Bringing the Text to Life
Qopchedy qokedydy qokololy qokeedy qokedy shedy.
Try saying that!
The best cryptologists in the world have been unable to decode the 400-year-old document from which those words, if indeed they are words, are transliterated.
[NOTE: For this to make sense to the congregation, you will need to project these words on a screen, or have them printed as part of the worship bulletin.]
Called the Voynich manuscript, these words are taken from a book discovered in an Italian villa in 1912 and named for the dealer who purchased it. It’s comprised of 234 pages and is hand lettered in an unknown code. There’s no punctuation or any indication of where sentences begin or end, but the volume is richly illustrated with watercolor images of plants not known on earth, apparent astrological signs and constellations not known in our solar system, strangely proportioned naked women and intricate systems of liquid-carrying tubes.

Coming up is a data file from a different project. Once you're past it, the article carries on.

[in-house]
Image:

During World War II, the Allied cryptographers, the experts who broke ...